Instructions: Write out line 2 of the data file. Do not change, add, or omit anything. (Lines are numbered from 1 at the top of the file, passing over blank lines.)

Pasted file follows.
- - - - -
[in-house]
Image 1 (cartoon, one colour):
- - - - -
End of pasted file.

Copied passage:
Image 1 (cartoon, one colour):